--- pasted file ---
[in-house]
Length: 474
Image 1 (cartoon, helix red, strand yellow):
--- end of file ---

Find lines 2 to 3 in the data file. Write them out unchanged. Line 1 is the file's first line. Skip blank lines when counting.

Length: 474
Image 1 (cartoon, helix red, strand yellow):